Henrys — millennials who earn 6 figures but still feel broke — were forced into better money habits during lockdown, but they’re facing a new challenge as businesses reopen: resisting their old lifestyle

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Henrys began saving more during lockdown, but now they will have to resist their old lifestyle during reopening. John Lamparski/Getty Images
  • The term “Henry” – short for “high earner, not rich yet” – is typically used for millennials in their 30s who earn over $US100,000, but who still feel broke.
  • When lockdown stripped Henrys of some of their favourite splurges, like travelling and entertainment, they finally started to save, two financial experts told Business Insider.
  • But they’re facing a big challenge during reopening: not succumbing to their old lifestyle.
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Henrys aren’t feeling as strapped for cash as they used to be.

Short for “high earner, not rich yet,” Henrys are typically millennials in their early 30s who earn over $US100,000 and live in urban areas. But it’s their lifestyles that really define the Henrys: They live above their means and struggle to balance their spending habits with saving for the future, leaving them feeling financially strapped.

But lockdown measures stripped them of their typical spending pleasures – like staying at luxury hotels, taking international vacations, or signing up for ClassPass (which can cost as much as $US180 per month) – and they, like many Americans, are no longer spending the way they used to.

This left Henrys seeing a lot of excess cash build up in their savings accounts, Priya Malani, a founding partner of Henry financial-planning firm Stash Wealth, told Business Insider.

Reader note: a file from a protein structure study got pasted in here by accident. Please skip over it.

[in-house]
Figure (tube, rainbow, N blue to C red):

Likewise, Gideon Drucker, a certified financial planner at Drucker Wealth and author of the book “How to Avoid H.E.N.R.Y. Syndrome,” told Business Insider that his clients have recently been tucking away as much as $US3,000 a month. “They’re not going out travelling or grabbing 10 beers on a Friday night,” he said.

Drucker said the economic repercussions have forced Henrys to take a step back. Seeing the prospect of worst-case situations like a job loss or salary cut, he added, has motivated them to prepare a better savings plan in the event of another unexpected scenario.

“I think this was a wake-up call,” Drucker said. “Not that they were sleeping, but for a lot of Henrys, the market has been up pretty much relentlessly over the past decade.”

Henrys face a challenge during reopening

Now that states and cities are in the process of reopening,Henrys face a new challenge: Keeping up the good savings habits they acquired during lockdown.

Malani warns against succumbing to pre-pandemic lifestyle habits. She advises stashing any excess cash in a high-yield savings account to build (or rebuild) your emergency fund. “If you lose your job in the coming months, you have a cushion to soften the blow,” she said.

Drucker stressed not waiting until you get back on track to do start preparing financially. Being proactive will help you stay ahead of the game, he said, in case the world shifts again in three to six months. But you need to first figure out what your financial goals are when the pandemic ends, he added.

While maintaining savings goals will be the biggest challenge for Henrys, according to Drucker, it’s important to stay realistic without losing sight of your plan.

“Its unrealistic to assume that you’ll always save this money,” Drucker said. “The priority isn’t saving at the expense of having fun, it’s about striking a a balance.”